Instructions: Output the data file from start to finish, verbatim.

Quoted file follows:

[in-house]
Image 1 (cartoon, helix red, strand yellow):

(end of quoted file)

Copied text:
[in-house]
Image 1 (cartoon, helix red, strand yellow):